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7 divers missing off Indonesian island

Discussion in 'Accidents & Incidents' started by bubbleBob, Feb 15, 2014.

  1. IyaDiver

    IyaDiver Contributor

    # of Dives:
    Location: Indonesia
    I suggest everyone diving areas similar to Nusa Penida/Lembongan/Ceningan island group, more so in a country where SAR assets is unlike USA, meaning poor.....please carry a marine VHF radio IPX7 rated in a cannister and HANG one more, on the neck of the boat crew.

    Burdening any SAR of any country or any of our friends and relative with the thoughts that we are lost at sea, is both expensive and a very sad affair. Imagine our wife/husband/kids being lost 3 days like the poor Japanese divers ?

    Nusa Penida has not only taken live of divers, even Jetski ( Yamaha waverunner ) riders been lost there.
    ABG Jetski race director gone missing | The Jakarta Post
    Above is not the only one. There is at least one more local rider lost and 1 survived by eating the foam of the jetski seat material and the guy hid inside the baggage bay, to keep sun away. Engine breakdown or out of fuel are the cause.

    If one think a diver head size foot print is small, jetski is near 2.5 meters long with at least 60 cm height, yet SAR could not find them because of the potential current pushing victims out to open Indian Ocean.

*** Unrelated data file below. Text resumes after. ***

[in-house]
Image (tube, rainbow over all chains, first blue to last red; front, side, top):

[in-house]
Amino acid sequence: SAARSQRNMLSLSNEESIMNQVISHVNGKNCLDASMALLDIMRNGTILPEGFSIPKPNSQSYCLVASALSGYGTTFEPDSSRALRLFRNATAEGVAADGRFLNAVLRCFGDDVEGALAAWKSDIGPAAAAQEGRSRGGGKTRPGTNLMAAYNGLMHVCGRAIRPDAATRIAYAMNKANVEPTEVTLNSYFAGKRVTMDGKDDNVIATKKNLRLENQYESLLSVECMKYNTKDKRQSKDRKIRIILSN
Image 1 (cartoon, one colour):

I personally without a radio on me, would have been either a statisctic, news material or be in a obituary column in the newspaper....4-5 times over.

    Some Scubaboard members have such radio set up in a cannister and some has PLB as 2nd back up.

    I carry such radio since 2002, Icom M88, IPX7 rated in a UK D8 torch as a cannister. Its 500 feet rated for the UK D8.
    Now I use Icom M72 due to biggest battery size. I always travel with minimum two radios, 2nd one is to be HANGed on the neck of the boat crew. This way audio power is close to crew's ear. Volume set at 70%, squelch minimum and channel lock to 69 ( pleasure ship to ship ).

    I also carry McMurdo PLB,model FF210 since 2009 when it first came to market....and small. In a Custom Diver black nylon cannister. In my NOAA PLB registration, I wrote on the Additional Data field :
    'bla bla bla.....user is a diver and has a marine radio and will stand by on channel 16 whenever this SOS transmission is made".